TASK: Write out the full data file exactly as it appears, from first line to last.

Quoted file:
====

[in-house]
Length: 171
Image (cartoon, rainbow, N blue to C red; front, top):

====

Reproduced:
[in-house]
Length: 171
Image (cartoon, rainbow, N blue to C red; front, top):